So what will Google’s emoji of the future look like? Daniel points to “hug,” an emoji that is under consideration with Unicode but won’t be out until 2020 at the earliest. “We designed two people hugging, kept them in shadow, ambiguous of gender and race. When you don’t have gender or race, you don’t have to develop 71 variants,” says Daniel. “This proposal is an example of how we’re thinking of emoji design right now, to take as much detail as possible out of it. That hug can be a bear hug. It can be an ‘I’m sorry to hear that hug.’ It can be an ‘I’m going on a plane and will see you when I get off,’ hug.”
For all the emoji we have today, the most popularly used are still all of the smiley faces, according to Daniel. They’re just emotions, spelled out through the most minimal details of a human face. We seem to crave universality in our communicative practices. We’re happy to simply be people. And so, at least in theory, Google’s new gender-inclusive emoji are a step in that universal direction.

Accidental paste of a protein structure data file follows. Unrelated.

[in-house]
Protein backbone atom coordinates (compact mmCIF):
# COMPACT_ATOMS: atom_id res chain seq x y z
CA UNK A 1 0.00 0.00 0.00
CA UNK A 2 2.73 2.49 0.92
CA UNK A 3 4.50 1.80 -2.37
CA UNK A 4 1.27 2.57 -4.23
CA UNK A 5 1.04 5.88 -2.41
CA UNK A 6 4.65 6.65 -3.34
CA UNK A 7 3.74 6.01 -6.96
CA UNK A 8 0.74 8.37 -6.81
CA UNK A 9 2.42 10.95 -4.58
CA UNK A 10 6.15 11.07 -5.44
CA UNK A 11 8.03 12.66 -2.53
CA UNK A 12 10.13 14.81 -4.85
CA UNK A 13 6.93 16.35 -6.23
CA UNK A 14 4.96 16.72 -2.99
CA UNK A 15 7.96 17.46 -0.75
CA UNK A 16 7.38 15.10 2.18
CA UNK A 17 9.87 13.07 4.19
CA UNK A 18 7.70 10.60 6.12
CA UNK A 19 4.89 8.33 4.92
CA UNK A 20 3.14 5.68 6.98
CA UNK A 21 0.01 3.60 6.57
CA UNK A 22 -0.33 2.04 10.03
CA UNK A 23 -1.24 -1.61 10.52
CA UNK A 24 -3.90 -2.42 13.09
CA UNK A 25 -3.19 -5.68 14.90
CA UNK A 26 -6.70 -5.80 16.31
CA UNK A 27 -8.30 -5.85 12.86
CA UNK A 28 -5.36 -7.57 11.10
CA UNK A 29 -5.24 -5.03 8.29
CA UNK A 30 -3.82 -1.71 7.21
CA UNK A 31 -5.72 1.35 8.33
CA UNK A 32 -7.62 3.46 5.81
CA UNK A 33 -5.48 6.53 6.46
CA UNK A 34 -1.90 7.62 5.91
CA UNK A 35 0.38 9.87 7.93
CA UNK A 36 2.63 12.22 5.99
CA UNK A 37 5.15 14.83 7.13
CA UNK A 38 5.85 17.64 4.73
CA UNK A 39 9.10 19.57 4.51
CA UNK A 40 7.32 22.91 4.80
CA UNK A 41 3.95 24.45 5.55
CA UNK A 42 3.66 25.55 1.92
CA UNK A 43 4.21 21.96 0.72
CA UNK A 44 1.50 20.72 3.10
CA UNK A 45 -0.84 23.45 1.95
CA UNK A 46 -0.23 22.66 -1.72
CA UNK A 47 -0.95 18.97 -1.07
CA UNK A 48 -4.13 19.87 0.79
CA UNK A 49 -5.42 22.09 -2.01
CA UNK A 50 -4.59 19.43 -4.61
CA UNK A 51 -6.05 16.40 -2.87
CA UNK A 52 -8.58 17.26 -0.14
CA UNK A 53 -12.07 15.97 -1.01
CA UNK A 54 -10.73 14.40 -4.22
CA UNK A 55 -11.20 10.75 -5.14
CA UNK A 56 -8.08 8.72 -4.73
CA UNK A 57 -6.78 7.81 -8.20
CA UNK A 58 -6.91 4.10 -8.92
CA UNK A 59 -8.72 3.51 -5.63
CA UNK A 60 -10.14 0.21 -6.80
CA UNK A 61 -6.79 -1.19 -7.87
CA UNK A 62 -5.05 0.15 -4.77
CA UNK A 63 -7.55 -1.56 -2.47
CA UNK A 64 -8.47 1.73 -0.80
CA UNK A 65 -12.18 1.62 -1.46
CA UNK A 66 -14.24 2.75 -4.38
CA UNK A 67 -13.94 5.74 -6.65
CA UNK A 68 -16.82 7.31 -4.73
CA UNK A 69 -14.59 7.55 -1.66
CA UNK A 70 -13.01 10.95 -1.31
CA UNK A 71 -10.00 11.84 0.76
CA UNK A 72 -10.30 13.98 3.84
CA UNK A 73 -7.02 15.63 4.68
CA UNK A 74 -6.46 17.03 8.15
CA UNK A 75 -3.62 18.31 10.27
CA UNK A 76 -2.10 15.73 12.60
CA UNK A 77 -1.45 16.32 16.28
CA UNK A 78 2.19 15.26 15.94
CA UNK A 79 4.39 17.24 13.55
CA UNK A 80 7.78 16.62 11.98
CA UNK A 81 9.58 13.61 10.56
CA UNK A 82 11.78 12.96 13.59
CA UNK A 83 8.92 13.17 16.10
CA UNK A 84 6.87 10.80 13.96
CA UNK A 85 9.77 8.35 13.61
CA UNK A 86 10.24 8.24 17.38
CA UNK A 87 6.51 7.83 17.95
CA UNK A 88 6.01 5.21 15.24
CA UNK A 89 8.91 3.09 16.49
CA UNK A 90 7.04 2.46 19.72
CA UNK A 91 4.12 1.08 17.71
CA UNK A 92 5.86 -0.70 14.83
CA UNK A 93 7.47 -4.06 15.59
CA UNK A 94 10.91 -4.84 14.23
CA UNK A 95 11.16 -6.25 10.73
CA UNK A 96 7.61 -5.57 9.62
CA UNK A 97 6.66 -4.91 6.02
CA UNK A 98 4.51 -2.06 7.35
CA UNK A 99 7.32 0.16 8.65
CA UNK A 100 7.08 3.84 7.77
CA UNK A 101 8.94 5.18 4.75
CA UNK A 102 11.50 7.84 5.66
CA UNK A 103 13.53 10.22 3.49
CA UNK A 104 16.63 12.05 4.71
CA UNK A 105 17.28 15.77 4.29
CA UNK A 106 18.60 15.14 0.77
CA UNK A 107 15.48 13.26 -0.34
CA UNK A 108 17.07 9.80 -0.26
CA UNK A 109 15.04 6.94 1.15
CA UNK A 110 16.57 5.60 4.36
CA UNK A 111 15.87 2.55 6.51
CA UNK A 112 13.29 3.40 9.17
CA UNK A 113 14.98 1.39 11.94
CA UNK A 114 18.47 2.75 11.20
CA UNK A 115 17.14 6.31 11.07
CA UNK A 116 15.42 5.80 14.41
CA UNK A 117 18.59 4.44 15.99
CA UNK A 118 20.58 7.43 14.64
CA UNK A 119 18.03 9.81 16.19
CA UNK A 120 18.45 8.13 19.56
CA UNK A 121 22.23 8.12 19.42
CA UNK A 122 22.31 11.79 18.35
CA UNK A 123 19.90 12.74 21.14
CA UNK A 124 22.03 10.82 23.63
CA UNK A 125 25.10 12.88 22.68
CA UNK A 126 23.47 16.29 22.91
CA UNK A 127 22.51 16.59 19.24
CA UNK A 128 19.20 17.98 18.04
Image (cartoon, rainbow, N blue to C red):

“For a big company [like Google] that’s engineering driven, there’s usually a perceived right way and wrong way of doing things. But when you’re making something like this, there really isn’t a right or wrong way,” says Daniel, who pauses a moment before letting out a cathartic laugh. “I really hope it’s not wrong. I don’t want it to be wrong.”